Sarah Morrill

Guest Blogger

Parent

Salem, Massachusetts

Sarah Morrill is a public school parent in Salem, Massachusetts, whose children have attended both charter and district schools.

Sarah is a licensed social worker focused primarily on outcomes for older youth in care and recently worked to support charter-district collaboration through a grant aimed at sharing the proven practices from Salem Academy Charter School with the Salem Public Schools. She has nearly 20 years of professional experience in child welfare, public education reform, and public policy working with clients such as Mass Insight Education, Massachusetts Executive Office of Health and Human Services and as an employee of the Department of Children and Families and Public Consulting Group.

As a volunteer, Sarah has served as board chair of the Salem Education Foundation, as trustee for The Plummer Home and is now co-chair of The Salem Award Foundation for Human Rights and Social Justice. She has also served on various local school councils, district-wide advisory committees in Salem and in a variety of fundraising capacities.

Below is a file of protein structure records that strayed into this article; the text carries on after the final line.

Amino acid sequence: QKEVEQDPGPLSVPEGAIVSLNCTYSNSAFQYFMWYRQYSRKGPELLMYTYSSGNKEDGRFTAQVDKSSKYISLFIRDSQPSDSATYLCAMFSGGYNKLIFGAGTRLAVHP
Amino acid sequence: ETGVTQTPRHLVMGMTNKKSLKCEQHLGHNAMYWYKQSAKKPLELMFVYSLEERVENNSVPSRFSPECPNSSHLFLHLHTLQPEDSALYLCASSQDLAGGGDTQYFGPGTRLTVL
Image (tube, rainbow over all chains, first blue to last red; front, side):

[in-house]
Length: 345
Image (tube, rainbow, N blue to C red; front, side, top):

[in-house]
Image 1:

RECENT POSTS

Posted Nov. 3, 2016

To My Friends Out in Massachusetts Suburbs: This Is Why You Should Vote ‘Yes’ on Question 2

Education Post does not take a stance on electoral issues, but seeks to amplify the voices of those who support…

By Sarah Morrill

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Posted Dec. 15, 2017

When I Set Up My Classroom Now I Only Think About Which Bookshelf Can Stop a Bullet

BY BRETT BIGHAM, 2014 OREGON STATE TEACHER OF THE YEAR: I don’t know a teacher who has not looked at the faces of Sandy Hook and wondered, “What if?”…

By Brett Bigham

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Posted Feb. 14, 2018

Black Panther Proves That Our Kids Need More Black Superheroes, Both on the Screen and in the Classroom

I am looking forward to the premiere of “Black Panther” with the same excitement I bring to planning my birthday month. (Yes, I said month.)…

By Kenya Bradshaw

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Posted Feb. 13, 2018

I Know White Teachers Can Be Biased Against Kids of Color Because I Was

I changed schools in the middle of the first grade because my teacher was a racist. “She told you that you’re smarter than your classmate…

By Sydney Chaffee

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